Another feature is that multiple products, such as 5-minute or 30-minute ramping, are defined by the TSO. This ensures the needs of the system are met. All products require an option to deliver an increase or decrease in the physical energy in any future settlement period.

Also, the day-ahead timeframe aligns with the energy market or allows co-optimisation with it and provides a daily reference price for different flexibility products. A secondary within-day market for participants and the TSO allows them to trade their options as more information emerges. Clear day-ahead reference prices can allow long-term financial contracts to be struck between flexibility providers and market players or the TSO.

The option holder (i.e. market participant or the TSO) may exercise the option by calling for energy to be delivered prior to gate closure. Self-provided flexibility must provide information to the TSO within-day on whether it will be exercised. After gate closure any unused options would be exercisable by the TSO in the balancing market.

Another key feature is cash flows. Flexibility cleared through the day-ahead auctions, other than self-provided reserve, is paid the market clearing availability fee per megawatt for the contract period. A utilisation fee per MWh is paid on exercise. Unused flexibility must be offered into the balancing market at the fixed utilisation fee for despatch and payment by the TSO.

Ensuring cost recovery is also important. The option holder pays the availability fee to the flexibility providers. The availability fees incurred by the TSO can be recovered via an information imbalance charge levied on out-of-balance market participants.

Finally there is the monitoring feature. The TSO would certify the physical capability of capacity providers who seek to offer into the day-ahead auctions. Any options exercised would be notified to the TSO in the same way as physical energy.

A central capacity market would be established if the energy and flexibility markets are not delivering investments or are not able to keep existing plants in the system. The purpose of the capacity market is to ensure capacity adequacy by providing so-called administrative capacity payment, which compensates the ‘missing money’ from market operations.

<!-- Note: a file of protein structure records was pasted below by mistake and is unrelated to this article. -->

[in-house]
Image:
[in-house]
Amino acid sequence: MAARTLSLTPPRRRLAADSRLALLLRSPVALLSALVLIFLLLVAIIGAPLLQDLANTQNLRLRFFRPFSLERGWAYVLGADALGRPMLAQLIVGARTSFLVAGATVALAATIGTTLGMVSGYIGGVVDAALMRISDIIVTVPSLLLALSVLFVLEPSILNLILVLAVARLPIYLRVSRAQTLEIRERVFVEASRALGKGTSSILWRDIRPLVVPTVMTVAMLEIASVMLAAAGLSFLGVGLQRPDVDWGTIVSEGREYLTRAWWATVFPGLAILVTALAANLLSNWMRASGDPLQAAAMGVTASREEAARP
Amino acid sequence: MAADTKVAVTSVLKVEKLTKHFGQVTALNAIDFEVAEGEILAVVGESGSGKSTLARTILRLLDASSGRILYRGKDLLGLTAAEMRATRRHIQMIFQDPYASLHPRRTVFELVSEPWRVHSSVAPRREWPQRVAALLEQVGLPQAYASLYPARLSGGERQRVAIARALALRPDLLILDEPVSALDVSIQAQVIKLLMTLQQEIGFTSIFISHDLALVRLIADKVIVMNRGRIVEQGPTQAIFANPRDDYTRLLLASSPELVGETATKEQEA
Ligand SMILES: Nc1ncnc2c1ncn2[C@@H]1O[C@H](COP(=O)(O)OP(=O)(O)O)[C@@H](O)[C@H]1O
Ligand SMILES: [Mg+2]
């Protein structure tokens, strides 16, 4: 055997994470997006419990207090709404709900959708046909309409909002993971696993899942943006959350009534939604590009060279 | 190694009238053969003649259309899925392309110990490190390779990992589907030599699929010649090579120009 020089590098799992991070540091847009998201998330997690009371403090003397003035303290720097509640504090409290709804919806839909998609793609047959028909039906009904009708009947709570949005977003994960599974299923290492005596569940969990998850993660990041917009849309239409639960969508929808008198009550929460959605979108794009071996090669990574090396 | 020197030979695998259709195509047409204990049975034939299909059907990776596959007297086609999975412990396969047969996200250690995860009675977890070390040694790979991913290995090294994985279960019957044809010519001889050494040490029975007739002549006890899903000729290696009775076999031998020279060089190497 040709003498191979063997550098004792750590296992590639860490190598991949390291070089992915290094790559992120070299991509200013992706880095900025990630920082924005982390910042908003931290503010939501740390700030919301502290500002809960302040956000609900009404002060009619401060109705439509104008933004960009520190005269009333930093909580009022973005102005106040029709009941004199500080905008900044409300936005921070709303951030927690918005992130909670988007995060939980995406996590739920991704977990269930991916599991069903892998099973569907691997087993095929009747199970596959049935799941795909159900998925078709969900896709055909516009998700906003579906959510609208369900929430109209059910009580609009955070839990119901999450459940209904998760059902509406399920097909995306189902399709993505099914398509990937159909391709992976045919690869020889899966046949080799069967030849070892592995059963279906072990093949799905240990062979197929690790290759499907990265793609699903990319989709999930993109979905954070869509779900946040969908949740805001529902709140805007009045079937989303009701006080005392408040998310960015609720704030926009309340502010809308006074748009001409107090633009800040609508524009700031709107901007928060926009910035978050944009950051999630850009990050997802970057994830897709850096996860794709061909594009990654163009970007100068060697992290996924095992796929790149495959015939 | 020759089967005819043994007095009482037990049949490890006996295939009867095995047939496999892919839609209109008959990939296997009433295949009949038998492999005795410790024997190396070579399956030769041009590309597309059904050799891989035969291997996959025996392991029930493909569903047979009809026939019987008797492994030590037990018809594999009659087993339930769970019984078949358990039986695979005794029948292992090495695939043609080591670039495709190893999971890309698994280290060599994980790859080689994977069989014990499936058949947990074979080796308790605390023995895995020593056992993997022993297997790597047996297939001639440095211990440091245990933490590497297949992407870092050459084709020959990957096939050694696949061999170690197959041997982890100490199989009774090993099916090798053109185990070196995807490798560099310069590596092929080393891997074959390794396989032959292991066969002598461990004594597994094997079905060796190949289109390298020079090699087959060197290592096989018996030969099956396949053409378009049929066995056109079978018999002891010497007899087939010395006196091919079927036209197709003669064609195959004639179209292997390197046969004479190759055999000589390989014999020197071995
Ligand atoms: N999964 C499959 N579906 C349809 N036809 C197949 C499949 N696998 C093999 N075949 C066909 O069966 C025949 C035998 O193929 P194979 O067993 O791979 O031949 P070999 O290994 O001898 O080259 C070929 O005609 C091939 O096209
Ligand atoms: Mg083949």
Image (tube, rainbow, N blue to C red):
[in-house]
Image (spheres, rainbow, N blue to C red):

While future energy and flexibility markets are volatile by their nature, investors may require stable cash flows to be able to finance new projects. A capacity market could enhance the bankability of new projects. The capacity market, like any capacity mechanism, should concentrate on securing capacity adequacy rather than specifying what type of capacity is needed. It should treat all forms of capacity on an equal basis.

Thus, a well functioning energy market together with a flexibility market would reward capabilities, while a capacity market provides the ‘all-in price’ required by investors to make investments.

Change in market design needed

An increasing penetration of variable renewable generation into a power system changes its operations and impacts market fundamentals. But while system operators are calling for flexibility from the generation side, the thermal fleet takes a big hit as its operating hours are reduced while the average electricity price is lower. The result is increasingly uncertain market-based revenues for thermal plants.

There are potential market-based approaches to incentivise investments in flexibility. These approaches do not require administrative cash flows but call for a reallocation of system costs from the TSO to the market, making the cost of flexibility visible for market players. To develop a reliable, affordable and sustainable power system necessitates several actions.

Firstly, there must be an understanding that more renewable generation has caused dramatic changes in the energy market environment. Secondly, there must also be recognition of the value of flexibility, which must be made visible for market players through cost-reflective imbalance prices and by developing short-term energy markets. Thirdly there must be a transparent market explicitly for flexibility. This will enable efficient procurement of system services and provide clear market signals for investors in flexibility.

Finally, new players must be able to enter the market and new projects must be made bankable by introducing a capacity market if the energy and flexibility markets are not delivering investments.

To avoid the risk of locking in the wrong type of capacity, it is important to take the first three actions before considering the fourth.

Many market players are calling for a market-based approach regarding the EU electricity market structure. We hope we have shown that it is possible to design a market that provides investment signals for the right type of capacity and ensures capacity adequacy at the same time.

Matti Rautkivi is general manager, Business Development, Power Plants, and Melle Kruisdijk is director, Market Development Europe, and Business Development, Power Plants at Wärtsilä. For more information, visit

This article is based on a Best Paper Awards winner at POWER-GEN Europe 2013.